Cybercrime is one of the top concerns of businesses, which are exposed to increasing threats and attacks. Organizations must protect their critical data and know-how to manage the cloud, and in certain sectors, critical systems that could be the target of attack and have serious consequences for companies and for society must be protected. The big problem with cybercrime is that it is not static, but it evolves very quickly. And this is where ethical hacking appears.
The “photo” of the most frequent cyberattacks last January does not have much to do with the current “photo”, because criminals are looking for new ways to deceive people, bypass security or distribute their malware. To protect the business, its critical data, and systems, it is necessary to have a state-of-the-art security platform, and the appropriately qualified personnel to supervise security. But that is not enough. Companies must stay ahead of cybercriminals, detecting vulnerabilities in advance.
Who is in charge of ethical hacking?
In order to help companies detect their most hidden vulnerabilities and security holes, the figure of the ethical hacker emerges. An ethical hacker is a person with advanced knowledge who is able to enter a network to search for vulnerabilities. When it does, it performs a series of tests to understand how they can be patched and reports to the network administrator. All this, without any intention of committing a crime of any kind.
The ethical hacker performs what is known as penetration tests, or penetration tests, which consist of accessing a network bypassing any existing security measure in order to make a report, so to speak, to companies. There are two options: that the company knows it (and that there is a contract between both parties), or that it does not know it. There are even cases of ethical hackers that enter into particular routers to fix a security flaw and install a patch, such as Alexey.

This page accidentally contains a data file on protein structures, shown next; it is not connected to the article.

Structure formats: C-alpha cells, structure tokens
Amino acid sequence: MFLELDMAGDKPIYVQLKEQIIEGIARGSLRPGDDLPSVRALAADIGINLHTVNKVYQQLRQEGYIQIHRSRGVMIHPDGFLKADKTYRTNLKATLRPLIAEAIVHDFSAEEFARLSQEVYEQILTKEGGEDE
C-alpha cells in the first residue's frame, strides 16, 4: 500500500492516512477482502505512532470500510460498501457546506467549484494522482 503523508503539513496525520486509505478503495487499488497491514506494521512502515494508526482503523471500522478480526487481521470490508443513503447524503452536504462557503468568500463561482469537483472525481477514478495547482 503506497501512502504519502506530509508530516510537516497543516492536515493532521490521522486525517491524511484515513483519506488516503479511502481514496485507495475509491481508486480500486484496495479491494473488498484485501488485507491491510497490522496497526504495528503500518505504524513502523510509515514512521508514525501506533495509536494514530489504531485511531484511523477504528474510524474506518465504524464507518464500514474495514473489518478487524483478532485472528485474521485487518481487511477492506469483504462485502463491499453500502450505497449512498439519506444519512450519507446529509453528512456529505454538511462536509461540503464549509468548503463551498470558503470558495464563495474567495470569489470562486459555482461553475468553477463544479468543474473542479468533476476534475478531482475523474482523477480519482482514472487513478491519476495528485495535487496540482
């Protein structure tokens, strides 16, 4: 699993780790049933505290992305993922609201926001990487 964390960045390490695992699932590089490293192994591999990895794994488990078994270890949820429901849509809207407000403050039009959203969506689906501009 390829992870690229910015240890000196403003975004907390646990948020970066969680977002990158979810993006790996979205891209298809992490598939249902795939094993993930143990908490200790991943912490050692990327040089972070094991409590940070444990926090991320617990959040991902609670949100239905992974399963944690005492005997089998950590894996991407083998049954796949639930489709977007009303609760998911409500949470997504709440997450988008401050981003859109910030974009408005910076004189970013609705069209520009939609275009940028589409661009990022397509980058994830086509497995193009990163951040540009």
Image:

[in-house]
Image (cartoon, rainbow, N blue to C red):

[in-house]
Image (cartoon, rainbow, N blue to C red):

In the case of people, learning that someone has fixed their router without first knowing it (and not even knowing they had a problem) provokes angry reactions. It is not for less, since, in fact, someone has entered your local network and, at least potentially, has been able to access sensitive information. Although the hacker claims he has done nothing, it is not too comforting.
In the case of companies, the thing can reach higher in legal terms. It is always illegal to enter a system without prior permission, both for individuals and companies, but the latter can take legal action more easily. But many of them are hiring ethical hackers to help them improve security. The advantages seem obvious:
- Companies anticipate potential new attacks by fixing vulnerabilities in their network.
- Company professionals can be made aware of the crucial importance of computer security, keeping equipment up-to-date and following all recommendations in that area.
- In addition, thanks to the ethical hacker it is feasible to improve internal security processes.
Increasingly, ethical hackers are more relevant and, as professionals, have increased demand. In addition, there are dozens of courses and even training academies for professionals who wish to study the subject in depth. Proof of the good future prospects of these professionals we have this week, in which the Cyber Ethical Days, 1st Cybersecurity and Ethical Hacking Congress, Congress in which topics such as ethical hacking and techniques and solutions for protecting organizations from cybercriminals.